It’s funny, because I was remote for a really long time, for the entirety of my Upper year and my Lower spring, but honestly I’d say this past fall. I keep thinking about organizing the International Student Orientation—I think that’s one of my best memories. It was a short 2-day period, we were all wearing these bright pink NISO shirts, and I was just so happy to see everyone come back, and for myself to see everyone again. [I run] the International Club with a close friend, [Noemi Elliott ’22], [and] we have club meetings during the week, and we do more big gatherings and events on campus throughout the year, just to have some space for international students to hang out. This is all motivated by coming here as an international student myself and wanting to create a little more space and support and network for us all.


6. If you could only eat one food for the rest of your life, what would it be?


I really miss home recently, because I haven’t been back in a while, so I’d say Mee Pok. Basically, it’s like a flat noodle in Singapore, and it’s also with this chili oil sort of thing. You have it with soup, and it’s one of my favorite things to eat back home. 


7. Do you have a favorite TV show?


My friends know this, and they make fun of me, but I love “Grey’s Anatomy” so much. I have watched all of “Grey’s Anatomy” so far, and season 19 is coming out sometime this year. I think a lot of characters cycle in and out, but some that stayed long enough, they’re my favorite. It’s funny, because the first couple of seasons get a bit draggy, and whenever I tell my friends this, they’re like ‘then why would you even watch it,’ right? But I promise it gets better.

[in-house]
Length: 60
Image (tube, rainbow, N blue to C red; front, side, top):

8. What do you like most about singing in a cappella groups?


When I was remote for the entirety of my Upper year, I really missed singing with people. So a cappella music is very special to me because it’s music that I cannot sing alone, and not only in terms of in real time I can’t sing multiple parts, but also no matter how hard I try I can’t sing soprano either. Whenever I’m arranging or singing, I’m thinking about how everyone in the group, we’re all friends and we’re here to just share our joy of music, and have fun when things may be very stressful in the middle of the year. I feel so lucky to have felt this sense of belonging to music, and I hope that through all of these groups, other new members can feel the same way too. 


9. What’s one of your favorite performances that you took part in, and why?


I’d have to say it’s “Let My Love Be Heard” by Jake Runestad, which I sang with Fidelio in our Family Weekend Choral Concert this past fall. It’s one of my favorite pieces because of how it starts from a gentle opening and then gradually builds up to a powerful moment later. It’s a song that makes dissonance sound really beautiful and has a lot of harmonies that I’m still trying to unpack. It feels like every time we rehearse it, I hear and come across something new. It’s also a really meaningful performance to me because it’s my first ever in-person choral concert, since being remote for a year and a half, and also my first in-person performance with the entirety of Fidelio.


10. Where do you see yourself in ten years?


I’m going to be 28 in ten years, that’s wild…but I don’t really know. Right now I’m hoping to go into a little bit of science in college, though I don’t know if that necessarily transfers directly into my career and everything. I hope that I do something that is meaningful to me, that could be related to science or not. I hope I’m doing some music still, and I hope that I’m with family and friends.